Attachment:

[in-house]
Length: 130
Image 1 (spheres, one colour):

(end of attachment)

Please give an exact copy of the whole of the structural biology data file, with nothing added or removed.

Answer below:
[in-house]
Length: 130
Image 1 (spheres, one colour):